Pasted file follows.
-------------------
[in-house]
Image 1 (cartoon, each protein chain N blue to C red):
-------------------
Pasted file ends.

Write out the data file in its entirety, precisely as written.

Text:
[in-house]
Image 1 (cartoon, each protein chain N blue to C red):